• Success in overcoming barriers, based on resources available.

    Finally, the recipient must attend the ceremony to receive the award. The 2016 Lienhard Award will be presented during the NAM’s Annual Meeting in Washington, DC, on October 17.

    Submit Nomination >>

2015 Recipient

Robert L. Brent, MD, PhD
Louis and Bess Stein Professor of Pediatrics
Sidney Kimmel College of Medicine
Thomas Jefferson University
Head of the Developmental Biology Laboratory
Nemours/Alfred I. DuPont Hospital for Children

View the Press Release>>

  • Past Recipients

    2014

    Linda Aiken, Ph.D., R.N., FAAN, FRCN
    Claire M. Fagin Leadership Professor in Nursing
    Professor of Sociology
    Director of the Center for Health Outcomes and Policy Research
    University of Pennsylvania School of Nursing

    View the press release >>

    2013
    Steven A. Schroeder, M.D.
    Distinguished Professor of Health and Health Care
    Department of Medicine
    University of California, San Francisco
    Director, Smoking Cessation Leadership Center

    for his pioneering efforts to control tobacco use, as well as his leadership in health services research, general medicine, and palliative care

    View the press release >>

    2012
    Donald M. Berwick, M.D.
    Former President and CEO
    Institute for Healthcare Improvement
    Former Administrator
    Centers for Medicare & Medicaid Services

    for his work to catalyze a national movement to improve health care quality and safety

    2011
    Jerold F. Lucey, M.D.
    University Scholar and Distinguished Professor in Pediatrics
    Department of Pediatrics
    University of Vermont College of Medicine

    for investigating and applying life-saving medical technologies and procedures to the care of premature infants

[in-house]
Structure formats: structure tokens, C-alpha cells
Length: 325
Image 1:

2010
    Joseph A. Califano, Jr., LL.B.
    Founder and Chairman
    National Center on Addiction and Substance Abuse
    Columbia University

    for his leadership in catalyzing federal action to curb smoking and his broader efforts to reduce the toll of addiction and substance abuse, as well as for his contributions to improving public health in general

    2009
    Thomas E. Starzl, M.D., Ph.D.
    Distinguished Service Professor of Surgery
    University of Pittsburgh School of Medicine
    Director Emeritus
    Thomas E. Starzl Transplantation Institute

    for his foundational role in pioneering and advancing transplantation science

    2008
    John E. Wennberg, M.D., M.P.H.
    Peggy Y. Thomson Chair for the Evaluative Clinical Sciences
    Founder and Director Emeritus
    Dartmouth Institute for Health Policy and Clinical Practice

    for his leading role in reshaping the U.S. health care system to focus on objective evidence and outcomes rather than physician preference as the basis for treatment decisions, and for his efforts to empower patients with greater input on decisions about their own care